Title IX Report Released

Minority Report Challenges Process

Passed by Congress as part of the Education Amendments of 1972, Title IX provides that “[N]o person in the United States shall, on the basis of sex, be excluded from participation in, be denied the benefits of, or be subjected to discrimination under any education program or activity receiving federal financial assistance.”

President Bush’s Commission on Opportunities in Athletics released its report on Title IX to the Department of Education, “Open to All: Title IX at 30” on February 26, 2003.

The commission’s co-chairs, Ted Leland, athletic director at Stanford University, and Cynthia Cooper, the WNBA’s all-time leading scorer, stated in part, “We are very proud to have served Secretary Paige and believe our report reflects the broad consensus for modest changes that will make the law work better for all athletes, men and women. “Without a doubt, Title IX has been a great American success story. Millions of young women know countless opportunities—athletic and otherwise—because of this sweeping civil rights law. But with respect to athletics, some have claimed the law has increased opportunities for women at the expense of men. And some college administrators express confusion and dismay at what the law requires of them….

“After months of deliberation, it’s clear to us that Title IX enforcement needs reform in order to make the law more clear, fair, enforceable and truly open to all, while maintaining the extraordinary progress set in motion by Title IX.”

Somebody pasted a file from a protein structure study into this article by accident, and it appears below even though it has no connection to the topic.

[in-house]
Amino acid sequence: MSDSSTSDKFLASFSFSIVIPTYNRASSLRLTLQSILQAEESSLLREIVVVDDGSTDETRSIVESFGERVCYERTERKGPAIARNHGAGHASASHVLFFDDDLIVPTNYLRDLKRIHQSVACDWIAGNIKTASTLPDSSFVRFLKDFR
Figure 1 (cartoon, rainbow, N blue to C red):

Two of the Commissioners, Julie Foudy, captain of the U.S. National Women’s Soccer Team, and Donna de Varona, an Olympic gold medalist, refused to sign the Commission’s report. Instead they released a Minority Report challenging the process, findings, recommendations, and conclusions of the Commission’s Majority Report.

The Executive Summary of the Minority Report opens:
“We are today releasing a Minority Report to fully set forth our views on the issues posed by the Secretary of Education to the Commission on Opportunity in Athletics. We are compelled to issue this Report because we were not allowed to include within the Commission’s own report a full discussion of the issues and our position on the recommendations that have been adopted. Our concerns are the following:

  • The findings and recommendations of the Commission’s report fail to address key issues or to reflect an understanding of the discrimination women and girls still face in obtaining equal opportunity in athletics.
  • Many of the recommendations approved by the Commission would seriously weaken Title IX’s protections and substantially reduce the opportunities to which women and girls are entitled under current law.
  • The omissions and weaknesses of the Commission’s report are the result of a process that did not adequately focus on critical issues, did not compile evidence necessary to address the state of gender equity in our nation’s schools, and did not allow sufficient time for Commissioners to review the record or provide sufficient information for them to assess the impact of their recommendations.”

The Feminist Majority Foundation reports, “In a surprise announcement yesterday, Secretary of Education Ronald Paige, who refused to include the Minority Report in the official Majority Report, stated that he would only act on those recommendations in the Majority Report that received unanimous approval. However, as the Minority Report notes, some of the proposals that passed unanimously were not fully discussed, and upon further review, could have significant detrimental effects on participation opportunities for women and girls. For example, one recommendation suggests that the Department of Education consider on its own other ways of showing Title IX compliance. This enormous loophole could be used to introduce all of the recommendations that the Secretary claims he will not consider.” [2/27/03, www.feminist.org/news/newsbyte/uswirestory.asp?id=7564].

This article first appeared in the Wisconsin’s Women’s Network newsletter, The Stateswoman, in March 2003